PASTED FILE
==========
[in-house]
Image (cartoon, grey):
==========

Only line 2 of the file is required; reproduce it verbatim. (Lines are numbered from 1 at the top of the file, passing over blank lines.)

Image (cartoon, grey):